I'm assuming you had this on about steady state 1hour ish? (Sorry, please don't read active dispute tone in this note- just stating the old issues).

  19. #19
    Flashaholic Theatre Booth Guy's Avatar
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    Default Re: Philips 75w equivalent LED lamp, 1100 lumens

    This thread gave me an idea to try one of these with the yellow covers removed as an anti SAD light. I had read in a few places that blue light is supposed to work best. Tonight, I got the bulb prepped and tomorrow, I'll plug it in and see if it makes me any happier :-)
    Brian

    After getting an HDS, other flashlights seem much less relevant (Except for some of the really special lights found on CPF!)
    When things are really dark, a dim light for a long time is much better than a blinding light for a short time.

  20. #20

    Default Re: Philips 75w equivalent LED lamp, 1100 lumens

    Quote Originally Posted by Theatre Booth Guy View Post
    This thread gave me an idea to try one of these with the yellow covers removed as an anti SAD light. I had read in a few places that blue light is supposed to work best. Tonight, I got the bulb prepped and tomorrow, I'll plug it in and see if it makes me any happier :-)
    DO NOT look at the dies. They can cause problems with your vision- so use it in a bounced configuration.

  21. #21
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    Default Re: Philips 75w equivalent LED lamp, 1100 lumens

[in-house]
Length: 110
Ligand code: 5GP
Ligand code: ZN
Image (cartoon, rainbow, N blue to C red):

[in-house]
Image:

I think the point of using so many LEDs at low current is about thermal management. On incans replacement, the main problem is to achieve junction temps low enough given the limitation on heatsink surface area. By running each LED at lower current, you can run them on a hotter heatsink while keeping Tj low enough to guarantee a lifetime over 25Kh. Aditionally, it achieves higher efficiency, thus reducing the total watts required to get the target light output and more important with the limited heatsink area, the total thermal load.

  22. #22

    Default Re: Philips 75w equivalent LED lamp, 1100 lumens

    I know that spreading lower powered LEDs round -vs- fewer higher powered ones in theory keeps the on-die temp lower, but I'm still skeptical of this. Your heatsink efficiency, if run long enough, is ultimatley a factor of energy in -vs- radiating effiency. Using a dozen lower powered LEDs doesn't allow you to cheat because the total energy being handled by the sink is the same. The heatsink will heat up to the exact same temp and present each LED with the same surface heat.

    However, that assumes were talking about heatsinks with a decent base thickness. If the heatsink is too thin then heat generated by the LED's 'pools' up in proximity on the heatsink because it can't move away fast enough. In this respect using more LEDs and lower wattages might have a thermal coefficient via the limited convection of one of these bulbs to buy you a few degrees. Given these bulbs run really, really hot that might be critical.